|Directed by||Edward Dmytryk|
Frank De Felitta
|Screenplay by||HAL Craig|
by Wynford Vaughan-Thomas
|Produced by||Dino De Laurentiis|
|Edited by||Peter Taylor|
|Music by||Riz Ortolani|
|Distributed by||Columbia Pictures|
|Countries||Italy, United States|
|Box office||$1,400,000 (US, Canada)|
Anzio (Italian: Lo sbarco di Anzio), also known as The Battle for Anzio (UK title), is a 1968 Technicolor war film in Panavision, an Italian and American co-production, about Operation Shingle, the 1944 Allied seaborne assault on the Italian port of Anzio in World War II. It was adapted from the book Anzio by Wynford Vaughan-Thomas, who had been the BBC war correspondent at the battle.
The film stars Robert Mitchum, Peter Falk, and a variety of international film stars, who mostly portray fictitious characters based on actual participants in the battle. The two exceptions were Wolfgang Preiss and Tonio Selwart, who respectively played Field Marshal Albert Kesselring and General Eberhard von Mackensen. The film was made in Italy with an Italian film crew and produced by Italian producer Dino De Laurentiis; however, none of the main cast were Italian, nor were there any major Italian characters. The film was jointly directed by Edward Dmytryk and Duilio Coletti.
In the English-language version, Italians speak their native language. German military commanders speak English.
After meeting a general, war correspondent Dick Ennis is assigned to accompany US Army Rangers for the upcoming attempt to outflank the tough enemy defenses. The amphibious landing is unopposed, but the bumbling American general, Jack Lesley, is too cautious, preferring to fortify his beachhead before advancing inland. Ennis and a Ranger drive in a jeep through the countryside, discovering there are few Germans between the beachhead and Rome, but his information is ignored. As a result, the German commander, Kesselring, has time to gather his forces and launch an effective counterattack.
Ennis is with the Rangers who are ambushed at the Battle of Cisterna. From there, the film departs from being a view of all sides and levels of the campaign to a story of a handful of survivors making their way back through enemy lines. The men take shelter in a house occupied by three Italian women. A German patrol arrives at the house, only to be slaughtered by the Americans. Ennis asks what makes one human being willingly kill another. Corporal Jack Rabinoff replies that he loves it, and his lifestyle makes him live more than anyone else.
Having almost reached friendly lines, most of the men, including Rabinoff, are killed in a shootout with a group of German snipers. It is during this shootout that Ennis is finally forced to kill one of the Germans with Rabinoff's gun. Only Ennis, Technical Sergeant Stimmler and Private Movie make it back and deliver intelligence about the Germans' new defense line. The film ends with Ennis publicly questioning the competence of the Allied commanders and man's willingness to kill each other.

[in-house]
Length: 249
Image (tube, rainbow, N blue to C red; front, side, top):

The film opened to mixed reviews in the US; many felt it did not work as well as Dmytryk's early war films. The New York Times film review was generally dismissive, and describes the film as "a very ordinary war movie with an epic title, produced by Dino De Laurentiis, the Italian producer... who thinks big but often produces small". In contrast, Chicago Sun-Times critic Roger Ebert had a more favourable opinion of the film, described it as "a good war movie and even an intelligent one".
Riz Ortolani scored the film with a ballad called The World is Yours with lyrics by Doc Pomus that was sung beneath the credits by Jack Jones. Luigi Scaccianoce was the production designer.
Peter Falk thought that the script he read was clichéd and wanted off the film. At the last minute, Dino De Laurentiis put Falk's name above the title billing and gave him his choice of writer for his character's dialogue. Falk stayed and wrote his lines himself. The production saw De Laurentiis bring in for the first time another actor who made a debut, Giancarlo Giannini, who would later do international films and would work with director Lina Wertmüller.
Rabinoff is based on a real 1st Special Service Force soldier, Sgt John L. "Jake" Walkmeister, who ran an illegal brothel of Italian prostitutes in a stolen ambulance. Walkmeister was killed by shrapnel at Port Cros during Operation Dragoon, the invasion of southern France.